Study after study have shown that people will only be motivated to change when two conditions are met: they need to believe the change is good for them, and they have to choose to change themselves. Pressuring someone to change reduced motivation, resulting in greater failure rates.
For a long time psychologists successfully applied this rule when dealing with many types of addictions and problematic behavior (even with kids), helping clients develop their own motivations rather than shaming them to change. Then executive coaches picked up on this technique and tried it in the corporate world, and they had less success.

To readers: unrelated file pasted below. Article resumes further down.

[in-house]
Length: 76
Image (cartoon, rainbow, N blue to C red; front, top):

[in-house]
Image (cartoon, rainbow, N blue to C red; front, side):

The catch? They got the other part wrong: that small detail of helping people understand why the change was good for them.
So next time your change program is met with resistance, rather than pushing harder, take a step back. Then, help those you're trying to change understand the value of what you're doing, and allow them to choose to go along on the journey. Show them, don't tell them.
And if you can't do that, maybe it's the change program itself that needs to change.